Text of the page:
When we built our test case design tool, we thought:
When used thoughtfully, this test design approach is powerful.
The kinds of things going on "underneath the covers," like the optimization algorithms and combinatorial coverage risk confusing and alienating potential users before they get started.
Designing an easy-to-use interface is absolutely critical. (We kept in the "delighter" in our MVP release.)
As we have continued to evolve, we've kept (a) focusing on design, and (b) having learned that customers don't find the tool itself hard to use but they do sometimes find the test design principles confusing, we've focused on adding self-paced training modules into the tool (in addition to training and help web resources and Hexawise TV tutorials.
Our original hope was that if we focused on design (and iterated it based on user feedback), that Hexawise would "sell itself." And that users would tell their friends and drive adoption through word of mouth. That's exact what we've seen.
We did learn that we needed to include more help getting started with the challenges of learning the test design principles needed to successful create tests. We knew that was a bit of a hurdle but we have seen it was more of a hurdle than we anticipated so we have put more resources into helping get over than initial resistance. And we have increased the assistance to clients on how to think differently about creating test plans.
A recent interview with Andy Budd takes an interesting look at the role of design in startups.
Andy Budd: Design is often one of the few competitive advantages that people have. So I think it’s important to have design at the heart of the process if you want to cross that chasm and have a hugely successful product. ... Des Traynor: If a product is bought, it means that users are so attracted to it, that they’ll literally chase it down and queue up for it. If it’s sold, it means that there are people on commission trying to force it into customer’s hands. And I find design can often be the key difference between those two types of models for business.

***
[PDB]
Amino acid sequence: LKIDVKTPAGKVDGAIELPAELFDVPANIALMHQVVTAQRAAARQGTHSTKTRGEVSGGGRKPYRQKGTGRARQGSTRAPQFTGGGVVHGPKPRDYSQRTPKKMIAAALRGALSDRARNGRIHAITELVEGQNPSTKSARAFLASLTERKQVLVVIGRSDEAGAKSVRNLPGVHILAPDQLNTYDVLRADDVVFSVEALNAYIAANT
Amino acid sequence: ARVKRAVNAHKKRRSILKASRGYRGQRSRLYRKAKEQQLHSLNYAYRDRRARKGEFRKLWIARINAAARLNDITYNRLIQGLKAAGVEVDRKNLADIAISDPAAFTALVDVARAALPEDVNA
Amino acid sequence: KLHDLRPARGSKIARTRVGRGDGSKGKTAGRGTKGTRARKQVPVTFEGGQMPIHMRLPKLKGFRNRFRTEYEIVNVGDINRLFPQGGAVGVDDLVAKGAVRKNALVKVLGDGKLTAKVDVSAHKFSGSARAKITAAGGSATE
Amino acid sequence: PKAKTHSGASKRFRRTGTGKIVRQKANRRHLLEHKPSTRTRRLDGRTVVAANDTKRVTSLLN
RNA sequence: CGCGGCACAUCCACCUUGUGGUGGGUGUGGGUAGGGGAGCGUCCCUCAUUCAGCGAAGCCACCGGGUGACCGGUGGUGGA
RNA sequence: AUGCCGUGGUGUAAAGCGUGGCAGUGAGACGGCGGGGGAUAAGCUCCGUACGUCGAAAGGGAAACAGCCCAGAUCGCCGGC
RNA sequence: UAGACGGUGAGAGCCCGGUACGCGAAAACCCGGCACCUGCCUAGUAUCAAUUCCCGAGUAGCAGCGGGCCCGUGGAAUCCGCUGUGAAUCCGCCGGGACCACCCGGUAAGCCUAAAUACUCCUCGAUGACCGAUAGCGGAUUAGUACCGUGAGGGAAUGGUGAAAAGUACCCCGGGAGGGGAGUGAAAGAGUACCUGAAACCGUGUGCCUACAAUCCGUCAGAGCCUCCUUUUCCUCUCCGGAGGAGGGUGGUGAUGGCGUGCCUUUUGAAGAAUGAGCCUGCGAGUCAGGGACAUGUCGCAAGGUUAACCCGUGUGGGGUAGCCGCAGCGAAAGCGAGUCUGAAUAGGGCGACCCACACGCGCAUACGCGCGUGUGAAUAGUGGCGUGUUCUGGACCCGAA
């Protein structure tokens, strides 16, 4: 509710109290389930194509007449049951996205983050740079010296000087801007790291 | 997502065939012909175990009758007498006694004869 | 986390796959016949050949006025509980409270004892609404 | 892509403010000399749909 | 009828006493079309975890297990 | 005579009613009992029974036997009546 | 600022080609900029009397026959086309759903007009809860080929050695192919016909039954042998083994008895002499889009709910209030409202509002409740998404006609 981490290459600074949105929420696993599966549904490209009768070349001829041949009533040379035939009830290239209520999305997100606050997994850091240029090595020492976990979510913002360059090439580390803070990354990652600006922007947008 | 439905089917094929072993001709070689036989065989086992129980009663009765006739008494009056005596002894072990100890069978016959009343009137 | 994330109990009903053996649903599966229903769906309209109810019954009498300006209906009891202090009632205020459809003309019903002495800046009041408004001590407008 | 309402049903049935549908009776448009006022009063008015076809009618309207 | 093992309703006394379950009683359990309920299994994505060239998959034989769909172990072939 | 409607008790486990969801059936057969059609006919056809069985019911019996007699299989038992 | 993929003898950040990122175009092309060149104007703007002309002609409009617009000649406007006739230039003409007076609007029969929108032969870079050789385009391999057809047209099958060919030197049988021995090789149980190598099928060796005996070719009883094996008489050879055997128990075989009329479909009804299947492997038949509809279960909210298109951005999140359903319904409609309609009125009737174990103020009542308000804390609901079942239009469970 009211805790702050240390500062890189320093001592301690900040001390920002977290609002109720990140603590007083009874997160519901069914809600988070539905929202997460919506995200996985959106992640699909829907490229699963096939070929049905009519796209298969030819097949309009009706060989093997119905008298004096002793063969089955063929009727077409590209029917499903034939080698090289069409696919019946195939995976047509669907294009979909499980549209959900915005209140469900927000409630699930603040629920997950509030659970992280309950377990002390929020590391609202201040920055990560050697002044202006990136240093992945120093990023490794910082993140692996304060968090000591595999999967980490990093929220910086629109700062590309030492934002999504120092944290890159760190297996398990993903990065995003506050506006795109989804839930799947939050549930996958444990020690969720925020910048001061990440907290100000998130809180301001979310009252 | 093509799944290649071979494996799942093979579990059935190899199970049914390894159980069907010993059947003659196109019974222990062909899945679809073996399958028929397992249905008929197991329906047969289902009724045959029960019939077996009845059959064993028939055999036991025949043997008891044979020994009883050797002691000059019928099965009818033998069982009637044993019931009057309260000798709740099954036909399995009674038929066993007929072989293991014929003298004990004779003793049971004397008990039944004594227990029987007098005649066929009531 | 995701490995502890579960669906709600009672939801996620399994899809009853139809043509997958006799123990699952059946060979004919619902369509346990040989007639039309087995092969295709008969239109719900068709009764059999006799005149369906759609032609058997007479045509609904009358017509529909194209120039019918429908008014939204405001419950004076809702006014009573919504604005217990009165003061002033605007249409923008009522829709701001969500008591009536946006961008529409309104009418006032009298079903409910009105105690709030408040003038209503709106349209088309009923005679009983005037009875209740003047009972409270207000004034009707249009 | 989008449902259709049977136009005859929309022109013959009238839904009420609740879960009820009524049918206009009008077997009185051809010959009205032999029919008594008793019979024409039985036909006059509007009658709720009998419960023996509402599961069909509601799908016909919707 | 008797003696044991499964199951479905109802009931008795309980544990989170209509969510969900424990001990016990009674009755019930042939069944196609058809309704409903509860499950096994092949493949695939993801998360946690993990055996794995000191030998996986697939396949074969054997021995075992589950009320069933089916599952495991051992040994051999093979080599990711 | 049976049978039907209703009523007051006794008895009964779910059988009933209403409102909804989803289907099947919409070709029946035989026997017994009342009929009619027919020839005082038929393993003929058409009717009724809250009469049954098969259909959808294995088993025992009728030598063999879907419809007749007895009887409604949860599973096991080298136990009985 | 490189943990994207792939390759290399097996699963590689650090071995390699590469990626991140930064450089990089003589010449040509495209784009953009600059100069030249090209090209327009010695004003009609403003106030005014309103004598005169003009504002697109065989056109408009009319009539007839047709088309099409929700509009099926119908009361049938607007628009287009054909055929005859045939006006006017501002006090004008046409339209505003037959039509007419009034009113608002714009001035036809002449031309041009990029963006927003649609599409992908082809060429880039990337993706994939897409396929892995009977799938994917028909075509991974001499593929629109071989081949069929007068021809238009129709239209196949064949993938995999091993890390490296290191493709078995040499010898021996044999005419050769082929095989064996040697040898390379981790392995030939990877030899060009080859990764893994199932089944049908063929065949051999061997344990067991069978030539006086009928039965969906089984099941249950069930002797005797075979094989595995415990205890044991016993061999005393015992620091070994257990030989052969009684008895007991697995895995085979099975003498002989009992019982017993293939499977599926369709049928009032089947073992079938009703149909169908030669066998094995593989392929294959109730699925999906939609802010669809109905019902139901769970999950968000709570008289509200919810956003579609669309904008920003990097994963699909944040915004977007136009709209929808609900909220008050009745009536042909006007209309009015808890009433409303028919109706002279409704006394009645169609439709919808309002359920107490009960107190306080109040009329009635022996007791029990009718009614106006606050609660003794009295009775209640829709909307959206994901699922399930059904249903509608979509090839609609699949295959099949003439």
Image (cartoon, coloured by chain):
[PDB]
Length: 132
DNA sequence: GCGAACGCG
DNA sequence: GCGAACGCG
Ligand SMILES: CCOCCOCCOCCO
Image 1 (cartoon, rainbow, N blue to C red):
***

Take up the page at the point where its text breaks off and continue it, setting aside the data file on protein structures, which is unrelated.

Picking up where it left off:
Andy: There’s a lot of logic in spending less money on marketing and sales, and more money on creating a brilliantly delightful product. If you do something that people really, really want, they will tell their friends.
As W. Edward Deming said in Out of the Crisis
Profit in business comes from repeat customers, customers that boast about your product and service, and that bring friends with them
The benefits of delighting customers so much that they help promote your product are enormous. This result is about the best one any business can hope for. And great design is critical in creating a user experience that delights users so much they want to share it with their friends and colleagues.
The article also discusses one of the difficult decision points for a software startup. The minimal viable product (MVP) is a great idea to help test out what customers actually want (not just what they say they want). This MVP is a very useful concept (pushed into many people's consciousness by the popularity of lean startup and agile software development).
MVP is really about testing the marketplace. The aim is to get a working product in people's hands and to learn from what happens. If the user experience is a big part of what you are offering (and normally it should be) a poor user experience (Ux) on a MVP is not a great way to learn about the market for what you are thinking of offering.
In my opinion, adding features to existing software can be tested in a MVP way with less concern for Ux than completely new software, but I imagine some would want the great Ux for this case too. My experience is that users that appreciate your product can understand the rough Ux in a mock up and separate the usefulness from the somewhat awkward Ux. This is especially true for example with internal software applications where the developers can directly interact with the users (and you can select people you know who can separate the awkward temporary Ux from the usefulness of a new feature).
Related: The two weeks of on-site visits with testing teams proved to be great way to: (a) reconnect with customers, (b) get actionable input about what users like / don’t like about our tool, (c) identify new ways we can continue to refine our tool, and even (d) understand a couple unexpected ways teams are using it. - Automatically Generating Expected Results for Tests in Hexawise - Pairwise and Combinatorial Software Testing in Agile Projects
By: John Hunter on Sep 17, 2013